Mutual Funds Trading

Written by Michael Federico
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When a person enters into a mutual fund he is, in essence, joining an investment company. His money is pooled with the money of other investors, and together their money is invested into stocks, bonds, or other securities. Investment decisions are generally left up to a fund manager who makes purchases that he thinks will help the fund achieve its goals.

Mutual funds are generally thought of as long-term investments. In fact, some funds have a time period in which a person cannot withdraw his money. Many funds have been in existence for lengthy periods of time, which allows a person to research the fund's performance before investing in it. There are funds that only take a limited number of investors and there are funds that are open-ended, meaning the fund will keep taking investors until it has run its course.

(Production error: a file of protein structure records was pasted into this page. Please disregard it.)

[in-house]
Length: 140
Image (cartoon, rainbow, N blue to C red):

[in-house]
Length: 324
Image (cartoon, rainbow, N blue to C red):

Load Mutual Fund Trading

Load funds require investors to pay fees either in upon joining or upon removing their money. If a fund requires an initial payment, a person will actually give up a portion of his investment. If the load is three percent, only 97 percent of the investment will actually be put into the fund.

There are a lot of financial experts who believe there is absolutely no reason for a person to enter into a fund that requires payment. Their belief is not unwarranted. Several studies that have been conducted have shown that load funds do not outperform funds that require no payment. It should be made clear that even funds that are "free" usually have some fees attached. A monthly or annual payment might be taken from a person's investment, so whether a person is entering a fund through a firm or online, he should be aware of all the costs involved before investing.

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